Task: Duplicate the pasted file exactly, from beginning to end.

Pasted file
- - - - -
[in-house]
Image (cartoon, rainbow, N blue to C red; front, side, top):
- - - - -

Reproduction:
[in-house]
Image (cartoon, rainbow, N blue to C red; front, side, top):